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Nairn has nothing but contempt for buzzwords and jargon: "urban renewal" meant "replacing lively old dirt with dead new cleanness". He has a knack, too, of damning with faint praise: "St John's Wood is a light, pleasant affair that hurts nobody."

His selection of buildings worthy of inclusion is catholic. The gents' loos of the Windsor Bars pub in Birmingham are commended to visitors ("the Ladies, I am told, is nowhere near as good") and the Penguin Pool at London Zoo is discussed with the same seriousness as Manchester Town Hall.

He returns to the Zoo in Nairn's London. "It would be a good place . . . simply to drown one's indignation at human imbecility and the antics of the rest of Nature's jokers. After all, it costs no more than the price of a scotch and soda, which is a more usual remedy. And if the baboons and sea-lions don't work, you can always have the scotch and soda anyway, in the Zoo's bar."  Sightseeing was only fun if there were drinking stops along the way.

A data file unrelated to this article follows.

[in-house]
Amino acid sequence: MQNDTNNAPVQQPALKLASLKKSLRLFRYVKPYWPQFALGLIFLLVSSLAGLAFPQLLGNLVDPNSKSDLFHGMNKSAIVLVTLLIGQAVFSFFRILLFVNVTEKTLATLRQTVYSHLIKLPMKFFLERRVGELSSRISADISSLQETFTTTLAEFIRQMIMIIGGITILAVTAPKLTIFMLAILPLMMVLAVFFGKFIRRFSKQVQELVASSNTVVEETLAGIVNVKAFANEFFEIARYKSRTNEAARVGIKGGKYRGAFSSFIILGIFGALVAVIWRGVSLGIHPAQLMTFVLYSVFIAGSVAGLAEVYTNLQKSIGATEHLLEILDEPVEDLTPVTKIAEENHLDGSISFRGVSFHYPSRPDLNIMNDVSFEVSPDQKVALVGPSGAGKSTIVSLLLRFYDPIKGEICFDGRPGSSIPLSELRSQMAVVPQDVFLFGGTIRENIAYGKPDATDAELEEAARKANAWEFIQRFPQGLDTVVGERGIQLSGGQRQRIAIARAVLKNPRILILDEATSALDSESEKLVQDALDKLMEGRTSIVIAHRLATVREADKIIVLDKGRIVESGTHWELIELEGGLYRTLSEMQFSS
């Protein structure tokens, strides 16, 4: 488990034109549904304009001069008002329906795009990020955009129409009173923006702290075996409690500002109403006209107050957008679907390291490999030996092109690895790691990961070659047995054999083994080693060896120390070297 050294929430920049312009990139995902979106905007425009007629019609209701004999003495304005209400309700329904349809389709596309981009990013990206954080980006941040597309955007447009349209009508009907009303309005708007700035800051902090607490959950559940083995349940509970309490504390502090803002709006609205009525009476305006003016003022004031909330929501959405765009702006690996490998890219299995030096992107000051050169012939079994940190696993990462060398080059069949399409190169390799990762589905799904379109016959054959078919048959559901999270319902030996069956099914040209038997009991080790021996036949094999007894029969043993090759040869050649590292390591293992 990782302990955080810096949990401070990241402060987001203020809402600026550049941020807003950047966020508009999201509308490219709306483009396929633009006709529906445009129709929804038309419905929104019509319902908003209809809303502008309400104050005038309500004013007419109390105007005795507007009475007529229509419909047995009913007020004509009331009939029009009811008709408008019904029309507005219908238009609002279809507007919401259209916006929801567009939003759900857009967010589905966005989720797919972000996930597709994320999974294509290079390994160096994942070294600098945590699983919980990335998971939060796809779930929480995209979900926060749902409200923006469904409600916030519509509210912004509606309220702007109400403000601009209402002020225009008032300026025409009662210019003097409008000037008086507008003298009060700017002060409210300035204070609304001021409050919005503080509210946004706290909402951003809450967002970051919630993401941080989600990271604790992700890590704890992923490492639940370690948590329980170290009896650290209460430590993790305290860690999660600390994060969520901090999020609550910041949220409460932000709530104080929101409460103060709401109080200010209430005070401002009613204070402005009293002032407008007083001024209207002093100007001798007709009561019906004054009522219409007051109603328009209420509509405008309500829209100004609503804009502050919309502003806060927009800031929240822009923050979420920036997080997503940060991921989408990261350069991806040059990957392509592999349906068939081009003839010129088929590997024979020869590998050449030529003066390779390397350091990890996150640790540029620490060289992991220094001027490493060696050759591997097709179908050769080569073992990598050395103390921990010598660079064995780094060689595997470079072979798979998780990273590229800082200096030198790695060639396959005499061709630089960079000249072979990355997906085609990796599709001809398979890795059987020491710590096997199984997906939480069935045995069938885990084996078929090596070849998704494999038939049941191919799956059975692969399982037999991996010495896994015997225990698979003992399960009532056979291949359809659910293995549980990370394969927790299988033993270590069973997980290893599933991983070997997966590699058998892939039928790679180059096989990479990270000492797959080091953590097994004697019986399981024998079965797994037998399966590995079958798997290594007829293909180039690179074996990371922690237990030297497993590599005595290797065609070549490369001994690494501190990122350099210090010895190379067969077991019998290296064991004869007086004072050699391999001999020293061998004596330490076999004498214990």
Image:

He wrote that the book was only his list of the best things in London, and wasn't to be consulted as a definitive guide. He used to joke that he would have put his wife, Judy Perry, into the book "had she only been made of brick or stucco".

He is scathing about the National Gallery — "a set of good porticoes and bad domes, badly arranged" — and nostalgic for the old Soho: "The tarts are off the streets now. Instead there are traffic wardens, taking up the same kind of stance but not looking nearly so inviting."

One of the pleasures of the book, if you live in London, is looking up your own part of town. My nearest pub gets its own entry. It is "dark and plushy and glowing" and the atmosphere is "somewhere between a theatre bar, a club, and a Baroque library".

Like many other Nairnites, I would have liked to buy him a pint and hear him speak about the medieval "chares" or steps of Newcastle — a favourite subject. I fear, though, that he would have drunk — and talked — me under the table.
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